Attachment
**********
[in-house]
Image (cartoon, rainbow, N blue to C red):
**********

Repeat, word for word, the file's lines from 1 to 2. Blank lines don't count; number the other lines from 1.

[in-house]
Image (cartoon, rainbow, N blue to C red):